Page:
Wednesday, 22 April 2009

The Party's Over...

...and here’s the bill. So now we know more clearly the cost of this bust (in which GDP is now forecast to fall some 3.5% this year) and it is shocking. Public sector net debt was 36.5% of GDP in the fiscal year 2007/8 and today the Chancellor has projected public debt to rise to just a shade under 80% of GDP by 2013/14. Public debt was previously as large as 80% of GDP in 1968 when the trajectory was still gradually adjusting downwards after WWII. This government’s self-imposed Golden Rule, or threshold, for public debt of 40% of GDP has been shattered with some £790Bn of borrowing planned over years from 2008/9 to 2013/14.

Admittedly, accompanying this debt projection are some plans for taxes to rise and for the growth in government spending to fall somewhat more than earlier plans. But these new plans represent second order modifications around a potentially explosive path. The risks to the path for debt to GDP seem to lie on the upside should the economy continue to remain longer in the doldrums and, which may follow, should there be further calls on the public purse to bail out financial institutions.

The big picture is that a large quantity of debt, created during the long 1990s expansion which ended in 2008, has now been transferred from the private sector to the public sector. And the trick that the public sector is trying to pull off is to smooth the increase in taxes that need to be levied on the private sector to pay-off these debts. But the danger is that financial markets will see through this trick and start to treat the public sector as more risky, like the hapless private sector, and that is why the initial reaction has been for bond yields to rise some 8-10bp. Now where’s that aspirin?


NightBlue said...
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NightBlue said...

If this debt is being transferred to public sector, the public sector should behave like a person who goes under debt: Decrease expenditures by stopping inefficient spendings and counting small money seems insignificant.

Take this example: there is a bus stop just in front of my study room and everyday I see dozens of busses are passing by just in front of me. A huge amount of those busses are carrying maximum five people for the most of day. Such huge busses consume tons of diesel to carry 2-3 people. So, what is the result for the government? Inefficient non-productive government subsidy to the transportation company, in other words wasting money.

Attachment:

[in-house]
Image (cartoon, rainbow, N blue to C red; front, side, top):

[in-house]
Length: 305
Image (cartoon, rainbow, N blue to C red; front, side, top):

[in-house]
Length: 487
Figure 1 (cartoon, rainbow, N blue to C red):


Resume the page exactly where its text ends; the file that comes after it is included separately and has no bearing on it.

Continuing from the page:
Take the other example: my landlady`s son has two children. He is not married and he is not working. He lives with the help of state benefits. Although he has two children, he managed to buy a car, to pay for the insurance and tax for the car, he can drink bottles of beer everyday and he can go out with another girlfriend. He can pay all of with the money he receives from the state. Moreover, he is not searching for a work. So, what is the result for the government: inefficient expenditure, over-protection.

After Second World War, governments were re-building the country. The increase in public debt was acceptable from this point. The fruits of these expenditures were gathered long ago. However, if the public debt goes to unproductive activities, the economy is doomed. Many examples are gathered in the South America.

Matthew Wilkinson said...

There's a great deal of discussion whether the UK will loose its AAA sovereign credit rating status because of this. Indeed, head-ache!

I think the BIGGER picture is that the Quantitative Easing (unleashing the inflation monster!) is going to be yet another redistribution of wealth, robbing the diligent savers in the UK to finance these bail outs.

What I find troubling with the UK government is that through these bail outs, we can't afford further stimulus. King has advised the Queen about this (unprecedented!).

We have a bitter pill to swallow as a nation, and heads should be rolling, right from the top.